In the beginning was the Word, and the Word was with God, and God was the Word. And the Word became flesh, and dwelt among us, and we beheld His glory. The Jews from Jerusalem, priests and Levites, asked John who he was. And he confessed, and denied not, I am not the Christ. Therefore they asked him, What then? Art thou Elias? But he said, I am not. Art thou the prophet? He answered, No. They said therefore unto him, Who art thou? He said, I am the voice of one crying in the wilderness, Make straight the way of the Lord, as said Isaiah the prophet. They said therefore, Why then baptizest thou, if thou art not the Christ, nor Elias, nor the prophet? He answered, I baptize with water; in the midst of you standeth one whom ye know not; He it is who is to come after me, who was before me, the latchet of whose shoe I am not worthy to unloose. When he saw Jesus, he said, Behold the Lamb of God, who taketh away the sin of the world! This is He of whom I said, After me cometh a man who was before me; for he was before me (John 1:1, 14, 19-30).

From these words it is plain that when John spoke about the Lord Himself, who was Truth Divine itself, or the Word, he said that he himself was not anything, because the shadow disappears when the light itself appears, that is, the representative disappears when the original itself makes its appearance. (That the representatives had in view holy things, and the Lord Himself, and not at all the person that represented, see n. 665, 1097, 1361, 3147, 3881, 4208, 4281, 4288, 4292, 4307, 4444, 4500, 6304, 7048, 7439, 8588, 8788, 8806.) One who does not know that representatives vanish like shadows at the presence of light, cannot know why John denied that he was Elias and the prophet.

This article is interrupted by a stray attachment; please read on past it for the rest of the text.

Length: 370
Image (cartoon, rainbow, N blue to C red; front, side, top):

[11] From all this it can now be seen what is signified by Moses and Elias, who were seen in glory, and who spoke with the Lord when transfigured, of His departure which He should accomplish at Jerusalem (Luke 9:29-31); namely, that they signified the Word (“Moses” the historic Word, and “Elias” the prophetic Word), which in the internal sense throughout treats of the Lord, of His coming into the world, and of His departure out of the world; and therefore it is said that “Moses and Elias were seen in glory,” for “glory” denotes the internal sense of the Word, and the “cloud” its external sense (see the preface to Genesis 18, and n. 5922, 8427).

(References: Arcana Coelestia 2135; Exodus 24:1-2)